TOKYO - World stock markets were uneven Monday as weak data from the U.S. and China clouded the outlook for the global economy while Greece and its European creditors remained apart on bailout terms.
Germany's DAX rose 0.7 percent to 11,520.92 and Britain's FTSE 100 added 0.2 percent to 6,977.46. France's CAC 40 gained 0.1 percent to 5,000.89. Many Asian markets fell. Wall Street looked set for a moody start to the week: Dow and S&P 500 futures fell 0.2 percent.
A slew of disappointing data from the U.S. and signs of weakness in China, along with uncertainties over the Greek debt situation, have left investors cautious, analysts say. Volatility in the bond market is another factor adding to perceived risks, though the lackluster growth in the U.S. has reinforced expectations that the U.S. Federal Reserve will bide its time in raising interest rates.
"Greece will be front and center this week as the country looks to secure a deal with its creditors while avoiding harsh austerity. The government reinforced it won't back down on its election promise to end austerity but this is likely to be a lot harder than they are leading on," Stan Shamu, market strategist for IG, said in a commentary.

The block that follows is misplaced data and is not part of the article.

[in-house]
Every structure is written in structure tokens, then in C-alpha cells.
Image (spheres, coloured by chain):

Japan's report of stronger than forecast machinery orders in March boosted confidence that the recovery may be gaining ground, though most analysts expect the central bank to keep its ultra-loose stance unchanged during this week's policy meeting. Machinery orders, seen as a key indicator of capital investment, rose 2.9 percent in March from the month before. The better-than-forecast data was mostly due to rising orders from non-manufacturing companies. It could contribute to a quarterly rise in private, non-residential investment, due Wednesday along with GDP data that are expected to show a modest improvement.
Japan's Nikkei 225 stock index rose 0.8 percent to 19,890.27. Hong Kong's Hang Seng dropped 0.8 percent to 27,591.25 as investors cashed in gains from Friday's advance. South Korea's Kospi rebounded from losses to gain 0.3 percent to 2,113.72. The Shanghai Composite index fell 0.6 percent to 4,283.49 and Australia's S&P ASX/200 lost 1.3 percent to 5,659.20. New Zealand was higher while markets in Southeast Asia were mixed.
Benchmark U.S. crude oil gained 55 cents to $60.27 a barrel in electronic trading on the New York Mercantile Exchange. It lost 19 cents to $59.69 a barrel on Friday. Brent crude, a benchmark for international oil used by many U.S. refineries, gained 30 cents to $67.12 a barrel.
The euro slipped $1.1378 from $1.1390 on Friday. The dollar climbed to 119.64 yen from 119.38 yen on Friday.